Writing Tips

Seven Tips for Writing about Hunting

Three Things Writers Tend to Get Wrong: Forests, Fainting, and Hunting

I remember watching Hunger Games for the first time and getting goose bumps as Katniss stalked the deer. Then she suddenly she was not patient enough to wait for it to move out from behind a tree (because apparently, she was not good enough with her bow to take a head shot?) so—not only did she throw a rock at it—but she launched the rock using her bow. And what was that with her crumpling a leaf into the wind?

Writers rarely write a proper hunting scene—honestly, I have never read a book which got it right, though perhaps I am not reading the right books (if you have read a book with a good hunting scene, please comment below, because I would definitely want to read it!) Anyways, I have been hunting for the past three years and just killed my first elk this October (2014). So I know a little bit about hunting large game (don’t ask me about birds because I won’t have an answer.)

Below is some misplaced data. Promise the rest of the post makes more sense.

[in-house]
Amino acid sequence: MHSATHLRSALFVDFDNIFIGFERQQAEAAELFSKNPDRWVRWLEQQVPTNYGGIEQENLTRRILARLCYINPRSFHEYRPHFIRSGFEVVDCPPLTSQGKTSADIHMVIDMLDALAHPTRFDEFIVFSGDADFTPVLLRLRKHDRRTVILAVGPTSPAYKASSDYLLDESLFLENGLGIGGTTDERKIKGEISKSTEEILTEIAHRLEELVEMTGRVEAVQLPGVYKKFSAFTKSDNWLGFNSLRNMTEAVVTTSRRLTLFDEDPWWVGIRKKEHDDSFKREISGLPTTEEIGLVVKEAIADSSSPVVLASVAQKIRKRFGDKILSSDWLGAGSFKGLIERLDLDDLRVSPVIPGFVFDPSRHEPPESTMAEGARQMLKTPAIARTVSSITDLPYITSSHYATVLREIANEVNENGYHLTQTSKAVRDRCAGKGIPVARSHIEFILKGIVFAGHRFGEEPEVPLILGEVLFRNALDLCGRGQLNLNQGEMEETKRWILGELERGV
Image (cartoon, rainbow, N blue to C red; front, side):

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So here are seven things writers don’t know about hunting.

  1. Hunting with a Bow: Though I have never hunted with a bow, my neighbor is very successful and has taught me a little bit. There is this terrible thing called “string jump” where deer hear the bow string when the hunter releases the arrow, and the deer jump instinctively making the arrow miss them completely. It sounds like fiction, but it is completely real. To combat this, hunting bows have these two things which look like balls of feathers on their bow strings (I am sorry I don’t know what these are called; I riffle hunt—not bow hunt.) I’m sure if you want more information you can look this up.